Dear L,

Over the last decade, Minecraft — a video game — has accumulated a massive following, almost elevating itself to an iconic artefact of pop culture. But it never really appealed to me. The idea of mining a virtual landscape for literal blocks, only to put them in back specific configuration never piqued my interest. While dabbling at it, on and off, I perceived it as mindless and — a bit dumb.

But then I got lucky. I started playing it with my friends. And the whole game changed for me. Playing video games with friends isn’t new to me. It was a — at the risk of sounding cheesy — cornerstone of my teenage and early adulthood. But Minecraft was and still is, different from any other game I have had played before. Some games, like Minecraft, are simply better when played with friends.

In Minecraft, imagination is the secret sauce. A friend of mine likes to painstakingly build virtual machines in the game to do their bidding. Another friend has a penchant for creating beautiful architectures. One of us likes to farm, tame bees and pandas. As for me, I like to create little stone huts on really high mountains and stand there during in-game sunsets with my friends in the virtual world.

In essence, we were creating our own game inside the game. We suspend our disbelief about the blocky universe with shoddy laws of physics; We all play in our little cocoon with imaginary roles, incessantly feeding ourselves with synthetic goals and motivations. I, for example, have developed a habit of constantly building towers in Minecraft — tall towers, short towers, towers made of glass — but I am always the arbiter of what a cool tower looks like.

“I’m giving the player a toy, and the player is turning it into a game” — Will Wright, creator of The Sims

I saw this philosophy of game design in action with Minecraft. It’s a delightful sandbox where people simply create their own game within the bigger game structure. And this subconscious game loop of constantly creating a game within a game is what makes Minecraft so very special.

But what bugged me was that it wasn’t as fun when I played it alone. After looking at the screen grabs that I had taken over months during our play sessions, I think I now know what the second magic ingredient of Minecraft is, at least for me.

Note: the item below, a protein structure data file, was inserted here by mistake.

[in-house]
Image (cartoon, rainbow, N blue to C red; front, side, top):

At the start of a game in Minecraft, the players start with nothing, and they are encouraged to start creating and building. It’s important to the player’s survival. They have to create virtual ways to sustain their characters in the universe; that’s the general progression of a game. But the beauty of that progression shines when played with multiple people. When I looked at my screengrabs, I saw that our little settlement grew — in fast playback, we look like a bunch of settlers slowly developing and building upon our past. As a group of players we constantly tore down old structures and built bigger bolder newer structures — can’t speak for others, but I even developed nostalgia inside the game itself! In one of our games what started as a hut made of clay eventually became a castle in the mountains, boring deep through the crust of Minecraft’s world. We ended up with farms, railways, bridges, mansions and whatnot. The constant flux in resources meant we could never simply just build whatever with plenty — neither did we got stuck under the exigencies of pure survival. Every day when I logged in the game, I saw something new, something delightful that my friends had created and I can only hope that they felt the same way. It was a beautiful balance of joyful recreation & brute survival.

I am not capable of bringing about grand academics on a video game, but what stuck out to me the most is what I can describe in modern lingo as “teamwork”. Teamwork, not the precisely executed military kind, neither the well-regulated-manufacturing-floor kind but the slightly-chaotic-organically-evolving kind.

I am fortunate enough to be part of an industry that revels in similar teamwork, but I want to refrain from delving into that subject tonight — maybe that’s a topic for another day. But what I wanted to drive home was the fact that struggling and building together is — I believe — objectively better than going solo. I am neither an anthropologist, neither am I an expert in human psychology, but the ability to overlap our little games inside a made-up world in someone-else’s-computer could essentially be a small scale exhibition of this very shared human condition. I think the more we nurture that, the better off we will be. Be it your colleagues, your friends, your parents, your partner — Minecraft is always better together.

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